CONVENIENCE stores like Harry’s coin-
operated “automatic” laundry were growing
in popularity and popping up all over
the country. When his in-town facility
outgrew its space, Harry moved from 16th Street to
Oleander Drive next to the Lingo Amoco Service
Station (near where the Longley Supply Company
sits today). Harry, his wife, Marie, and their three
children were outgrowing their home as well. So,
while waiting for a new home to be built on Coun-try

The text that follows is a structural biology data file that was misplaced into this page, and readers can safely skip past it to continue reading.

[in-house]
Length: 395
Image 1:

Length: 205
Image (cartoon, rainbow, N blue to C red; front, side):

Club Road, they moved to Wrightsville Beach.
There, Harry could spend quiet time with his son
fishing for puppy drum and speckled trout in Moore
Inlet. The future was looking very bright.
However, life soon took a turn for the worse. Harry
developed a virulent form of cancer and died in January
1964. Doctors at the Veterans Administration hospital in
Durham listed pancreatic cancer as the official cause of death,
but told the family they believed the stress of war precipitated
COURTESY OF HARRY BETHEA, JR.
Above: Studio portrait of Lt. Harry Bethea, date unknown. Top: B-17 bombers come under heavy fire in Austria during World War II in
1944. Bethea piloted B-17 bombers with the “Bloody 100th” Bomb Group, stationed in southeastern England.